Jump to content

Best way to with persistent spammers and pink ISPs (Nuvox)


acdha
 Share

Recommended Posts

I've been receiving spam from a Nuvox.net customer for several years. I've never received a response from Nuvox's abuse department and - more interestingly - they've never been added to the SpamCop blacklist, despite the fact that this is blatant spam sent directly from their network:

Received: from mhi-inc.com (unknown [66.148.201.62])

by mx.example.edu (Postfix) with ESMTP id BFCD474113

for <me[at]example.edu>; Wed, 2 May 2007 05:49:44 -0700 (PDT)

Received: from BM2 [10.0.0.20]

by mhi-inc.com [10.0.0.2]

with SMTP (MDaemon.PRO.v5.0.4.R)

for <me[at]example.edu>; Tue, 01 May 2007 18:06:11 -0400

I'm apparently not alone in receiving their spam:

http://www.highprogrammer.com/alan/spammer...al-mhi-mxi.html

http://zippy.physics.niu.edu/

http://www.trustedsource.org/query.php?q=66.148.201.62

This leads to two questions:

1) What's the best way to make sure they end up on the BL?

2) Is there a good way to motivate rogue ISPs like Nuvox who are apparently unconcerned about spam from their customers? I've filed reports with the upstreams at various times and the only change is that they appear to have stopped using above.net (all other spam before and after came through gblx.net).

Link to comment
Share on other sites

1) What's the best way to make sure they end up on the BL?

Let's start the answer there by pointing out just how hard everyone has tried to hide that data ....

Wiki - What is the SpamCop Blocking List (SCBL)?

SpamCop FAQ links at the top of this page

SpamCop Blocking List Service

How do I configure my mailserver to reject mail based on the blocklist?

What is on the list?

^^^^^^^^^^^^

Original FAQ - SpamCop Blocking List information

How do I configure my mailserver to reject mail based on the blocklist?

How can I use the blocklist without mailserver configuration?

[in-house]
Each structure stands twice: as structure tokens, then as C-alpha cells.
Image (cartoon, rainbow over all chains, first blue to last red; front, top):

What is the SpamCop Blocking List (SCBL)?

^^^^^^^^^^^^^^^^^^^^^^^^^^^

The bad/reported traffic from the IP address in question has to meet the formula involved for a listing / de-listing

Note: there are many other BLs in use, all with different rules, requirements .. the SpamCopDNSBL is unique

2) Is there a good way to motivate rogue ISPs like Nuvox who are apparently unconcerned about spam from their customers? I've filed reports with the upstreams at various times and the only change is that they appear to have stopped using above.net (all other spam before and after came through gblx.net).

Honesty .. if there was an 'effective' way that had 100% positive results, wouldn't you guess that the issue would have been resolved years ago?

Reality ... check the tons of other Topics around here with numerous ways to make you complaints mean something, other tools available for various other actions, be it other complaints, additional filtering/handling of incoming e-mail, etc.

Link to comment
Share on other sites

The SCBL is a blunt tool when dealing with this sort of situation.

Report on IP address: 66.148.201.62

Volume Statistics for this IP

Magnitude Vol Change vs. Average

Last day 4.7 27042%

Last 30 days 3.5 1541%

Average 2.3

Other information about this IP address

Sender Category: -

Network Owner: NuVox Communications

Domain: mhi-inc.com

Date of first message seen from this address: 2007-03-22

CIDR range: 66.148.192.0/19

# of domains controlled by this network owner: 2843

No address list shown since no email was detected from mhi-inc.com.